Some developing countries are accusing donor countries such as Europe, the United States and Japan of failing to deliver the aid and want confirmation in the Rio+20 text that they will strive to commit to that original 0.7 percent goal, which some donor countries oppose.
"There has been a bit of a blame game where they (developing countries) are trying to frame this as a lack of progress," said Antonio Hill, policy adviser at aid group Oxfam.
He said the Rio summit is unlikely to consider financing ideas favored by some rich countries, such as a financial transaction tax or levies on bunker fuels and the aviation sector.
"It's one of the things that is part of the back and forth tension between industrialized and developing countries. It is going to be very difficult to see much progress on financing that is unilateral," Hill added.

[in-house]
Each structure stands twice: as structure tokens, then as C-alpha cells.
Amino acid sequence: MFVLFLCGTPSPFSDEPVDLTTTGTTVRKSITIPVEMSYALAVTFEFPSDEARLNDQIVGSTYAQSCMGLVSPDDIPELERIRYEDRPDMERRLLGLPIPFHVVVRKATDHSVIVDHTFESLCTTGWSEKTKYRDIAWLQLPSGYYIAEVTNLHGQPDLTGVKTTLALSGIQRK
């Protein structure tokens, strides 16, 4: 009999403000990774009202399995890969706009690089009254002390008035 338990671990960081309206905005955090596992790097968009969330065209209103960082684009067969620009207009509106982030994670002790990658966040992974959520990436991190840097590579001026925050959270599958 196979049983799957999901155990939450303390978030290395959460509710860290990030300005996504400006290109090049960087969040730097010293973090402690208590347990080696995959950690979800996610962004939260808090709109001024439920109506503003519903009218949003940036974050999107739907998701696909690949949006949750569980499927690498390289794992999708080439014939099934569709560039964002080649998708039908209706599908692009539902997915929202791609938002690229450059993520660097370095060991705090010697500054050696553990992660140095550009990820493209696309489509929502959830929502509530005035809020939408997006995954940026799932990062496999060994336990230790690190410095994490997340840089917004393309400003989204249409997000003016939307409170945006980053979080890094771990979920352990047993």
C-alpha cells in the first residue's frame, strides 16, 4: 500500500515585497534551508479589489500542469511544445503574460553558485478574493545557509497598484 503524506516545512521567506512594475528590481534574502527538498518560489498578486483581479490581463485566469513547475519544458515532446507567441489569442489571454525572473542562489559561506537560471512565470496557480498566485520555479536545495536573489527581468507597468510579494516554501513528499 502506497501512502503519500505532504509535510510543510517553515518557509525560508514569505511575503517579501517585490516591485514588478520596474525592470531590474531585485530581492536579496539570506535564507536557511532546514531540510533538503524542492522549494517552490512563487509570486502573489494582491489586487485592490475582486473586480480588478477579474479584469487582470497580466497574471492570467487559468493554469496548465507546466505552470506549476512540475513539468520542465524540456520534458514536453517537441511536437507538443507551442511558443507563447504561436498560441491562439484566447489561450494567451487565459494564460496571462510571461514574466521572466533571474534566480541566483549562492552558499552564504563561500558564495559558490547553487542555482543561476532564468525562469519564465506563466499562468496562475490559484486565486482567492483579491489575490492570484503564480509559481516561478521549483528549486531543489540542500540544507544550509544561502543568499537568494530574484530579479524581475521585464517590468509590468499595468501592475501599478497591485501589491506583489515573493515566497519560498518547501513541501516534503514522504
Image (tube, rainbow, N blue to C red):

The idea of a "green economy" is another contentious issue.
The United Nations Environment Programme defines a "green economy" as one that improves human well-being and social equity while reducing environmental risks and scarcities.
The United Nations last week said some developed countries have "embraced" the green economy concept as a common road map for sustainable development.
But many developing countries are concerned that the concept might not go far enough to promote social justice and suspect it could bring about trade disputes and reduce competitiveness.
"I have the feeling that the logic and importance of a green economy is not yet being taken as something which is really needed for future sustainability," Potocnik said.
"We absolutely need new energy in the negotiating process to move to the stage where we get a concrete outcome in Rio."
Editing by Leslie Adler